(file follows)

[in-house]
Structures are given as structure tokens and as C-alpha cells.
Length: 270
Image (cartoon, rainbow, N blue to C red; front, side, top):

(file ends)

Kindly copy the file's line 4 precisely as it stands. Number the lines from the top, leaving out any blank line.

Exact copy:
Image (cartoon, rainbow, N blue to C red; front, side, top):